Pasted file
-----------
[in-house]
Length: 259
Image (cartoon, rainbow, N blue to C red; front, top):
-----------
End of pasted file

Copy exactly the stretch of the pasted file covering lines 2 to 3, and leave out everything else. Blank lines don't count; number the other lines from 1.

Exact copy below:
Length: 259
Image (cartoon, rainbow, N blue to C red; front, top):